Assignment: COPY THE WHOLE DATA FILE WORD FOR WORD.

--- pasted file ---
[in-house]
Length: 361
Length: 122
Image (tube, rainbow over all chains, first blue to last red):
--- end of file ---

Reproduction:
[in-house]
Length: 361
Length: 122
Image (tube, rainbow over all chains, first blue to last red):